The Digital Skeptic Saves The Economy

WASHINGTON, D.C. (TheStreet) -- There I was watching an all too familiar rendition of Who's To Blame for the Mess in This Town? And all I wanted to do was stand up and yell out: "You do realize, we can fix this $%^#, right?"

David Stockman, former director of the Office of Management and Budget and author of the The Great Deformation, was on the stage here at the Society of American Business Editors and Writers annual conference. The guy with him was David M. Walker, CEO of the Comeback America Initiative and former director of the U.S. Government Accountability Office.

Stockman says it's the private sector that's the bad guy.

"We've been cooking the books for a heck of long time," he said. "Both fiscally and in the monetary system, and on Wall Street."

Walker drew the all too familiar other gun: that it's all the elected officials' fault.

"The truth is, if you have been looking at what has been done so far," Walker said, "they have been treating the symptoms and they have not been treating the disease."

It's all on this C-SPAN link, if you've got the stomach.

Both were long on problems, short on answers, and if you look at the tape you'll see a room full of bummed-out financial writers staring at a $16.7 trillion national debt, according to -- which, if you have not seen it, is as marvelous a one-stop shop for the full dimension of our woes as I know of.

But since D.C. is filled with folks who stand up, scream and get nothing done, how about I take a Skeptic's day off and instead go long on a real live investor-worthy practical answer to our budget, tax and sequester woes?

Ready? It turns out that there is a simply massive, hidden, bonus upside to our dark collapsing digital age. Getting our national debt paid, our budget balanced and our economy humming is not as hard as it appears.

Seriously. It isn't. And here's why.

In these digital days, stocks are just another thing a consumer buys.

We've all grown up in a world where supposedly immutable walls divide us. Investors are over there. Consumers are over here. Executives stand in this box. Labor toils in that one.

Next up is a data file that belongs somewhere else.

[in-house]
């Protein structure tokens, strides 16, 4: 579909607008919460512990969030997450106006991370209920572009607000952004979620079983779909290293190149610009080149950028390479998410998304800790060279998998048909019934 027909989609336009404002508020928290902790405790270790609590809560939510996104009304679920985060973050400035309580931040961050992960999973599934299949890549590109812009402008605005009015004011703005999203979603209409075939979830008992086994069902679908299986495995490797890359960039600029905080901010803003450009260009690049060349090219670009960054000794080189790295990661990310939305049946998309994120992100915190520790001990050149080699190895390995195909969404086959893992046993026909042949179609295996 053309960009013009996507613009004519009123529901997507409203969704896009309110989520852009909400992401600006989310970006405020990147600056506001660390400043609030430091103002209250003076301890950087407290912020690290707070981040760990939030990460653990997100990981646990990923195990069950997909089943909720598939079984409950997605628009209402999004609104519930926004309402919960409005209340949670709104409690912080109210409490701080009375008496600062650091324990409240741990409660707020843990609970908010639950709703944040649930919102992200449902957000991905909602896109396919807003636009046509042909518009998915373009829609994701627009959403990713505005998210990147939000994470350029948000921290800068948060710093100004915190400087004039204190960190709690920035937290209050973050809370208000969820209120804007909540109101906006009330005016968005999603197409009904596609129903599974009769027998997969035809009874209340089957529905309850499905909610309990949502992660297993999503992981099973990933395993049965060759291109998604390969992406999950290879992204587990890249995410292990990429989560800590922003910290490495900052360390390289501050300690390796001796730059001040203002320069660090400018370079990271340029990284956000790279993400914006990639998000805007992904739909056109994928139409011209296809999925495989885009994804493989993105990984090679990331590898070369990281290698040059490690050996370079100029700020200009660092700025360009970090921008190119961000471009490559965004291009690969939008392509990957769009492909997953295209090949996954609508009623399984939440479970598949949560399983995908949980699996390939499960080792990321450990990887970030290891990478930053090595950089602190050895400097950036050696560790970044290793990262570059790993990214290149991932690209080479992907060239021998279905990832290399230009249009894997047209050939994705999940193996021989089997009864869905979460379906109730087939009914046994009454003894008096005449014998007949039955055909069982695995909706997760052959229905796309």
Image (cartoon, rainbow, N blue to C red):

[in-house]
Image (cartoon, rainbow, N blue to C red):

As stunning as it is to consider, that's not how the world works anymore.

Yes, divisions between us very much exist. But we now are global village of roughly 3.2 billion mobile phone users, according to MobiThinking, the Irish mobile consulting firm. Each and every one of those users cannot only buy -- but sell -- food, clothing, equities, bonds and everything else via that phone. Voice calls and debit cards turn every phone-connected human into a mini CEO.

That begs the question: In such a tech-blurred world, how persistent can a pecking order really be? The answer: Not very.

So is it really such a stretch to realize that the folks who work for GE ( GE) are the same folks who not only buy a GE fridge, but also a share of GE stock? After all, Americans grew up learning about a Henry-Ford-pays-$5-a-day revolution back 1914.

"Henry Ford had reasoned that since it was now possible to build inexpensive cars in volume," says the Ford Motor ( F) website, "more of them could be sold if employees could afford to buy them."

Bam! That's the trick to making our economy hum again. Think like Mr. Ford would have in today's Web area: If you manage a company and want to sell more company stock, make sure your employees have the money to buy that stock.

Poof, instant bull market.

Social capital now rules this multiclass age
Now comes the digital-age kicker. In this time of no privacy and uber-analytics, a company such as GE can calculate precisely how much of its stock value comes from this smaller, part-time -- what I'm calling the multiclass -- consumer investor.

I like the weekly sentiment analysis from the American Association of Individual Investors as a source for this stuff, but even with my basic modeling skills I can bake up a pretty darn accurate model. It's easy.

With data such as this, it becomes a no-brainer for public markets to know -- and to hold managers accountable for -- exactly how much of a company's share price comes from the multiclass investor and in turn calculate the exact amount it should pay employees to insure multiclass investor demand for its share price while still having enough profit to grow the business.

And finally we've got real upside: Fortune 1,000 managers will now have no choice but to unlock the reported $3.7 trillion in combined balance sheet cash that's sitting idle in corporate coffers in what The Economist brilliantly calls "Dead Money."

This $3.7 trillion will get injected into a tech-happy economy that will create wealth we have never seen before. This golden age will make our national debt of $16 trillion look utterly manageable.

And that means, friends, I won't have to effing sit through another morning of knuckleheads such as Stockman and Walker ever again.

And trust me, from here, that can't happen a moment too soon.

Disclosure: TheStreet's editorial policy prohibits staff editors, reporters and analysts from holding positions in any individual stocks.

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